“We want to combine the profound local knowledge with a scientific and educational approach,” said INOGO faculty co-director Rodolfo Dirzo, Bing Professor in Environmental Science and a senior fellow at the Stanford Woods Institute for the Environment. “To the extent that we can do this elsewhere in the world, the potential for effective conservation will increase.”

Conservation: Cost or Benefit?

Restrictive conservation efforts often conflict with the needs of people accustomed to hunting, harvesting or mining natural resources. In Costa Rica’s Osa and Golfito cantons or counties, major government and business investment has gone into conservation and resource maintenance, while local communities have been largely overlooked.

Booming markets for palm oil and tourism have also brought significant changes. Farmers have planted palm plantations in once-fallow fields that served as wildlife migration pathways. Government officials are discussing plans for a new international airport and a major hydroelectric dam. Meanwhile, the number of flights into Puerto Jimenez’s tiny airstrip has tripled in the past three years, and the number of people entering the region’s famed Corcovado National Park doubled between 2007 and 2014. Together, these and other pressure points, threaten to unravel the tenuous balance between conservation and development in the region.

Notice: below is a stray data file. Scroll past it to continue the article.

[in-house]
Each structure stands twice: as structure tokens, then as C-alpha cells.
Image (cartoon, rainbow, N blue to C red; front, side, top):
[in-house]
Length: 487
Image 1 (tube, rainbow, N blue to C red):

VIDEO: Making a Living Sustainably: the Osa & Golfito Initiative

“When you come here, you feel like you’ve gone back to the beginning of time,” said Julie Oliveira, a sustainable tourism consultant in the region. “But it’s not, and in the world of today, people need money. So, how do you make financial wealth while protecting natural wealth?”

Working with residents, government agencies, nongovernmental organizations and the private sector, INOGO generates powerful decision-making information, and brings people together to realize their goals via new skills and access to networks within ecotourism and agriculture. The initiative’s components include educating and mentoring entrepreneurs, training high school students in language and job skills, and analyzing ways for oil palm farmers to diversify their crops for extra income and insurance against market fluctuations and pests.

“Sustainability isn’t just about nature,” said Andrea González Yamuni, an adviser to Costa Rica’s vice president, Ana Helena Chacón Echeverría. “It’s about people. I think this program emphasizes that. They have a long-term view, and are very actively empowering people.”

Different Approach, Different Outcome